operations running in the coming weeks.

    “Rockets are regularly fired at the Port of Ashdod in southern
    Israel, the country’s second biggest port,” said Mirko Woitzik,
    global director at Everstream. Operations at Ashdod have also slowed
    down due to staffing shortages, with 10% of workers recruited into
    the Army, he added.

    The number of waiting vessels on a daily basis has dropped at Port
    of Ashdod to below five since the outbreak of war compared to more
    than 15 on average before the war, according to Everstream.

    “This suggests that container lines are avoiding the Port of Ashdod,
    and potentially relying more on the Port of Haifa instead,” Woitzik

    Evergreen was the first ocean carrier to divert a vessel bound for
    the Port of Ashdod citing a “persisting unsafe situation” and
    declared force majeure. This is a significant declaration because if
    more vessels declare force majeure, it could impact Israel’s food
    supply. The ports of Ashdod and Haifa are the key ports for food
    imports. The country imports almost three times as much food and
    agriculture than exports. Key imports included live animals for
    meat, sugar, vegetable oils, grain, and feed.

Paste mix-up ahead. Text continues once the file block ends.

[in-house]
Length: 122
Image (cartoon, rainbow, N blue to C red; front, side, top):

At the Port of Haifa, the number of vessels is expected to rise as
    more ships are likely to divert to Haifa.

    Recent rocket fire has tankers docking and discharging cargo at
    alternative ports. Last week, the Seaviolet called the Port of Eilat
    instead of its original destination, Ashkelon. Kpler tells CNBC its
    analysis suggests Israelis have reversed the Eilat-Ashkelon pipeline
    flow so that oil can get to Ashkelon, and then to the Ashdod and
    Haifa refineries, which are linked to Ashkelon via pipelines.

    Falakshahi explained that due to Eilat’s location on the Red Sea,
    ships can circumvent the conflict-ridden region close to Gaza,
    passing through the Suez Canal and entering the Gulf of Aqaba.

    “If this route is continued going forward, Israel could build its
    crude stocks again and feed its domestic refineries again, therefore
    preventing a potential energy crisis in the country, which has
    inventories filled up to levels covering up to about 50 days of
    domestic demand right now.”

    Israel usually imports around 10-13 cargos of crude oil a month.

    Last week, a long-range rocket was fired into Eilat and pierced the
    Iron Dome, according to an Ambrey note sent to clients, and it said
    the attack “indicates a change in Hamas’ operational activity, not
    only targeting closer ports and cities en masse but also
    specifically launching rockets at far away targets as the war nears
    the end of its third week.”

    Oil prices have pulled back in recent trading as some analysts say a
    spike throughout the month already has priced in the risks, even as
    the beginning of a ground offensive by Israel in Gaza leads to more
    concerns about a disruption in global oil supplies.

    https://www.cnbc.com/2023/10/30/israel-hamas-war-and-rocket- attacks-lead-oil-tankers-to-unusual-moves.html